The Easy Win Strategy

The Easy Win Strategy

With new regulations, requirements, and changes incessantly complicating the healthcare IT environment, clinicians can easily get caught up. As an IT leader, there's a deep-rooted risk in asking clinicians to leap through more hoops so as to satisfy another federal initiative, like Computerized Physician Order Entry (CPOE). 

At Kootenai Health, our strategy before CPOE go-live was to proactively implement time-saving technologies that might offset the new demands: Virtual Desktop Infrastructure and Single check in (VDI and SSO).

In some ways, this was a clean win. VDI and SSO allow doctors to quickly “tap” in and out of workstations with a swipe of their encoded badge. For every clinical user, VDI/SSO is estimated to save lots of five hours per month related to loading and login time. It didn’t take long in the least for users at Kootenai Health to ascertain that new methods and technologies could support their natural workflows and ultimately save them time.

In the first month alone, VDI and SSO automated quite 250,000 application logins at Kootenai Health. This resulted in significant time savings, allowing the clinicians to spend longer that specialize in their top priority: patient care. Estimated productivity savings for the primary year after implementation were approximately $1.5M and ongoing annualized savings are approximately $1.8M.

VDI and SSO add up on all levels. Not only does this technology support the fluid clinical experience, it also results in significant productivity savings, enhanced security, space efficiency, hardware savings, efficient desktop management, and simplified back-end support.

From a security standpoint, the results of our VDI/ SSO implementation are completely positive. In traditional, distributed computing situations, clinicians sometimes use generic login credentials, leave stations logged in unattended, or forget sensitive papers on the printer. 

"As an IT leader, there's inherent risk in asking clinicians to leap through more hoops so as to satisfy another federal initiative, like Computerized Physician Order Entry (CPOE)"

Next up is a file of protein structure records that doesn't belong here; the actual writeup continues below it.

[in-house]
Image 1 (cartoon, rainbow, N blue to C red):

Any of those actions can cause a critical security breach. VDI and SSO completely eliminated the utilization of generic login credentials, and our “tap and release” functionality also eliminated the insecure printing of sensitive patient information. Generic logins can't be utilized in our VDI/SSO environment, and sensitive patient information can't be printed until the users physically tap their badge on the printer.

In clinical areas, space may be a highly valued commodity. VDI workstations are significantly smaller than traditional desktop or laptop computers, and as we also installed wall-mounted articulating arms for several of the VDI workstations, space within the clinical areas is now getting used far more efficiently. Ultimately, this reduces the danger of tripping hazards and other patient questions of safety.

Hardware replacement savings with VDI and SSO also are considerable. The VDI “Zero Client” units themselves are less costly than traditional desktop computers and have a lifespan that's two to 3 times longer. Over the future, we anticipate hardware costs that are 75 percent less than within the traditional desktop environment.

The centralization of Kootenai Health’s computing environment through VDI has greatly improved the simplicity of desktop management for our IT technicians. Replacing a personal computer is now as simple as plugging during a new Zero Client, pressing the facility button, and naming the device. From start to end , this takes a mean of 20 minutes, compared to the typical of three hours it takes to line up a standard desktop or laptop pc .

The hardware is additionally simpler for desktop technicians to troubleshoot and maintain as there's no resident OS, no updating of software device by device, and fewer points of failure. Instead of sending desktop technicians to manually update individual computers, updates are now pushed call at large batches simultaneously, remotely, and automatically. This enables support staff to redirect their skills more appropriately and efficiently.

Kootenai Health’s back-end VDI/SSO environment was designed with simplicity, maintainability and scalability in mind. To supply a dependable backbone for the environment, we invested many dollars in three critical areas: network, server, and storage infrastructure. Our advanced architecture uses only one VDI image during a fully redundant environment that's tied into Active Directory. Just one support person is required to take care of the system, whereas other VDI/SSO environments for similarly sized organizations require a minimum of three.

The overall solution includes always-on architecture with two independent active/active data centers, which ensures consistent performance and fail-over capability, while allowing seamless testing during a lab environment that completely mirrors production. For extra fail-over capability, we also built a “red-screen” environment so clinicians would be ready to access critical applications even within the event that both VDI environments went down.

In summary, VDI and SSO drastically simplified the computing environment for clinicians, also as for the IT support staff. Kootenai Health’s successful implementation of CPOE and other initiatives are often partly attributed to our preemptive rollout of VDI/SSO technology.

Read Also

A Time for Transformational Leadership

John O Keefe, VP & CIO, Lafayette College

When the "Obvious" Slaps You in the Face!

Ryan King, CIO, Power Solutions International

Is That a Robot in My Factory?

Jim McCoy, CIO, Raytheon

Brokering the Cloud Services

Eric Boyette, Secretary & State CIO, Information Technology